Many a European traveler believes that he knows America when he has visited the Eastern States. It might have been true in the eighteenth century; but even in the thirties Tocqueville thought he ought to visit the Mississippi Valley, and nowadays there is certainly no possible understanding of the country without going West. In point of fact, the true domain of the typical American mind only begins west of the Alleghenies. Such a circumstance is an essential factor in the relations between Europe and America.
A Frenchman may, of course, be puzzled by New York, but after all he is not quite out of touch there with things he has known before: New York is a world capital, as cosmopolitan as it is American, a genuine home for every nationality and every species of mind. But, once the Alleghenies are left behind, the European really feels he is now out of sight of the old lands; there stretches before him an immense country, bordered by two great mountain ranges and populated by tens of millions of people, who live their own life, are fed by their own products, and find among themselves nine tenths of the customers for their limitless fabrications. These people conduct their Jives according to material, moral, and social standards which they have not in the least borrowed from Europe, but spontaneously and unconsciously created to meet their own needs; they are satisfied that, should the outer world cease to communicate with them or even to exist, they would still continue to prosper. Their weight in the country has grown such that more and more they tend to mark the American civilization of our day with their own colors. Their well-justified self-satisfaction appears to be so complete that their national — should I dare to say, provincial? — point of view is Burberry proof against outside influences. Not even the French arc as parochial.
Thus may be explained a personal impression of mine, which is perhaps worth recording. My first sensation of strangeness, in America, was not in New York, but in Chicago. On coming back from the West and the Far West, I had a curious feeling, when I crossed the Alleghenies and reached Richmond, Virginia, that I was already back again in Europe: the people seemed to have a long tradition behind them, they knew their great-grandfathers and spoke of them, some of their artistic and intellectual standards were mine, and the fact that they possessed an inherited culture was obvious. Just as I understood them better, I suppose they also understood Europe better than their Western compatriots. To a certain extent, Europe remained a centre of attraction for them; many said they had visited France or Great Britain but never had seen California!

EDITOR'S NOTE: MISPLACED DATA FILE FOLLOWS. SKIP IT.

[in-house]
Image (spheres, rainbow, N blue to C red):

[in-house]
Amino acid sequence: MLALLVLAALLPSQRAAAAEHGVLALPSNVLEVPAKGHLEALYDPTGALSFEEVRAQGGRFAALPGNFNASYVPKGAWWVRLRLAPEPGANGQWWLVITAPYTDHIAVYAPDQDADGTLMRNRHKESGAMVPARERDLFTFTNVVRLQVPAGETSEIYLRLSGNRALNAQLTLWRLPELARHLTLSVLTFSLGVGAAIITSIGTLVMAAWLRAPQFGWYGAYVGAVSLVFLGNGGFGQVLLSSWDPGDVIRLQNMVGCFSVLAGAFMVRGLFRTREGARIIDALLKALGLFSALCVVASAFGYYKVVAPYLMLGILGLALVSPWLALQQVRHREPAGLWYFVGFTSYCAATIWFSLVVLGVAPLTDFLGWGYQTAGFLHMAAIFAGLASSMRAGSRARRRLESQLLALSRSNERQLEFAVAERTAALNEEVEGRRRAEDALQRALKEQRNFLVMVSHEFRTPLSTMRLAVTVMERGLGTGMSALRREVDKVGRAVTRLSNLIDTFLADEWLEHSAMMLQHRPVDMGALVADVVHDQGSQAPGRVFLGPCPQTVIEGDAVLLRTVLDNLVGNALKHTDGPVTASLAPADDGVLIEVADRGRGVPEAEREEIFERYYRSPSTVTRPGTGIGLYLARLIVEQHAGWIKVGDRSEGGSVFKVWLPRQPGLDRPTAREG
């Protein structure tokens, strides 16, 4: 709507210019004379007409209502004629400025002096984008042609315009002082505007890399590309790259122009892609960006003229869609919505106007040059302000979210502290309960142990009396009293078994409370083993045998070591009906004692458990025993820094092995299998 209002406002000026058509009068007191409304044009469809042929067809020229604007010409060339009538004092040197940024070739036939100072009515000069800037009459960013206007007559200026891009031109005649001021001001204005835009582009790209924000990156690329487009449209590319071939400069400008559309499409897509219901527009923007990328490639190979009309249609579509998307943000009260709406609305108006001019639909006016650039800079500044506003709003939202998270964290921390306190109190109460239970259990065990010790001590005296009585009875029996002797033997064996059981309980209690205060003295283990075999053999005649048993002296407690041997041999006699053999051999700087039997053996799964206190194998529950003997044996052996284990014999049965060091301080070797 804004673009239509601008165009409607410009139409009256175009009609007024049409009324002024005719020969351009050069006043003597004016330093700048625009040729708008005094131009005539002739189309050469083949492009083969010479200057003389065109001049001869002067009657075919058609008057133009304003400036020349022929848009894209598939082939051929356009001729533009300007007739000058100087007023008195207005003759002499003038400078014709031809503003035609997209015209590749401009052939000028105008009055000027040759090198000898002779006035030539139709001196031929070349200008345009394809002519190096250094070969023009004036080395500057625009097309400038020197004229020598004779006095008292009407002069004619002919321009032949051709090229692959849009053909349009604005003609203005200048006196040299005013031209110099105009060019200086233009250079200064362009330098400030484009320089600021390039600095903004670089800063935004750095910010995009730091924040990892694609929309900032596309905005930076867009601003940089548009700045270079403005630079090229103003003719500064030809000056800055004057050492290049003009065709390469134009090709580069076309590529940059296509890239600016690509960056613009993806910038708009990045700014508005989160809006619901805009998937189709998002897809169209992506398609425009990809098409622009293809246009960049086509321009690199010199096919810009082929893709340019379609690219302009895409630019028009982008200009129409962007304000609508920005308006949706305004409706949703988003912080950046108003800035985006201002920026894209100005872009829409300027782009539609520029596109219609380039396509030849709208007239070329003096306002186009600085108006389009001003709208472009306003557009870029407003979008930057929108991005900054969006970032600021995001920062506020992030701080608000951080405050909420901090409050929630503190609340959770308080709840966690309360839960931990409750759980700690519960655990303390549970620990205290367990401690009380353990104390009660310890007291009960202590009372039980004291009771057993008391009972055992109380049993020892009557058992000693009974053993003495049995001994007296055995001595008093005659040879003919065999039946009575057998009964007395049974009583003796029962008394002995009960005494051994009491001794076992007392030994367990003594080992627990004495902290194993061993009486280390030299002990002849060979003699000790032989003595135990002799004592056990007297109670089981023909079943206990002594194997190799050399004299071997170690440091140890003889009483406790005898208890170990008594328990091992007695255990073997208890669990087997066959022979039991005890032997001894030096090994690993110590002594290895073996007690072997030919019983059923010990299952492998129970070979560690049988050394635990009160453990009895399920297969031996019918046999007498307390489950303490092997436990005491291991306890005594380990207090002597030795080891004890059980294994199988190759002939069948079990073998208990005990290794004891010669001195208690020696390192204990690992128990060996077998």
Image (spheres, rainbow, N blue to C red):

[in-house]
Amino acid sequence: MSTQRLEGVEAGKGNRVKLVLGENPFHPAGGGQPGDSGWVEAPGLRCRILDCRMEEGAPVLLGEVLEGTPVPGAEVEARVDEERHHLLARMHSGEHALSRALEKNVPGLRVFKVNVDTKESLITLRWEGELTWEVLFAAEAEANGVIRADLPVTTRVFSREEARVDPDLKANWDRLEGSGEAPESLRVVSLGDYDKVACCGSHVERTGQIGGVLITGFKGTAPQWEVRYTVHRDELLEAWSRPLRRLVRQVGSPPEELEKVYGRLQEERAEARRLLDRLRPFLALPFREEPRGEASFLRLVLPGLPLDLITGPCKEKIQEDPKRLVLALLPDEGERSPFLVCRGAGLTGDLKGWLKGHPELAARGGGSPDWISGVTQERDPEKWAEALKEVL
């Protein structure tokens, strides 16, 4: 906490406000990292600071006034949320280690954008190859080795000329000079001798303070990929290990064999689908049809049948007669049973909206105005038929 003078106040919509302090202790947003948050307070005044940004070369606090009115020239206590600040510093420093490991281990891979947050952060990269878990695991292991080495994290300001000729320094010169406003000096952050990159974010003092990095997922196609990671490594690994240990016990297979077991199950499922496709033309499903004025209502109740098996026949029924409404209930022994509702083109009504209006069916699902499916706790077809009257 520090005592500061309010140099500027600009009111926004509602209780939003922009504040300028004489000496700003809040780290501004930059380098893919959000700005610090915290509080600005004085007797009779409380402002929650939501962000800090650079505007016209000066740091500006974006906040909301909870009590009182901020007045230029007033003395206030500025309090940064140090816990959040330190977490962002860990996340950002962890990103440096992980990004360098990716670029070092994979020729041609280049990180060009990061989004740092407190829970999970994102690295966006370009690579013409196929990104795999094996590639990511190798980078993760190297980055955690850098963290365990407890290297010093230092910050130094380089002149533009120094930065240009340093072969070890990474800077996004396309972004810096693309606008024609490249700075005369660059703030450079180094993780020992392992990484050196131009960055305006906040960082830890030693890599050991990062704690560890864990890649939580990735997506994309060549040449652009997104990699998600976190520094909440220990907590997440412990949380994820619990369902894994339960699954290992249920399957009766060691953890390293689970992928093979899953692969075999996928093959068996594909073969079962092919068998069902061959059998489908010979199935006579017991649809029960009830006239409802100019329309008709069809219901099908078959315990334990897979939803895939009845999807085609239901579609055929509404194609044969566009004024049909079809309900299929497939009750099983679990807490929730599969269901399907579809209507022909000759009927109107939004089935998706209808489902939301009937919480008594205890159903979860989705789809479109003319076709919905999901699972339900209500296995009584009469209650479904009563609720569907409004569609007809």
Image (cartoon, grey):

Now, where does the present American civilization find its most perfect expression ? In the East or in the West? The American census produces, every ten years, a most fascinating map, where the geographical centre of gravity of the American population is marked by a cross. Long ago this cross passed west of the Alleghenies, but at the 1920 census it appears far away in the middle of the Mississippi Valley — namely, in Indiana, close to the Illinois border. This shifting is the result not only of the agricultural colonization of the West, but of the recent, progressive, and intense industrialization of the Central West. In point of fact, the development of these Central States, in its present phase, is not principally agricultural, but manufacturing. The census map is, of course, economic, but I think it has acquired, in addition, no small social significance. The present American civilization, at least as seen by Europeans, is essentially embodied in mass production, with the ability it has shown of raising the standard of living of millions of people. Such mass production tends to be more and more confined to the Central States, where it is — mark this — decidedly centred in itself. Hence the very characteristics of American inspirations, conceptions, methods, appear to us to be expressed not so much, as before, in the Atlantic States as in the plains lying south of the Great Lakes. It was the country of Lincoln; it is now the country of Ford.
Considering, indeed, the geographical location of American industry during the last generation, leaving aside new tendencies of dissemination which are just beginning to appear, you are bound to notice that it has not tended to concentrate on the shores of the Atlantic, as would have naturally been the case in a mainly export ing country. The United States does not export over 10 per cent of its production. Such a fact explains why the industries, instead of being grouped on the sea, have on the contrary tended to concent rate south of the Lakes, where they find not only a limitless supply of fuel and raw materials, but a convenient base from which the customer — not the foreign, but, far more important, the national customer — may easily be reached. It is full of significance that, although practically every American city has achieved wonderful success in the two last decades, the towns which have shown the greatest growth arc not the seaports, but rather centres situated some one or two hundred miles inland — such, for instance, as Dallas, Birmingham, Atlanta, or Detroit.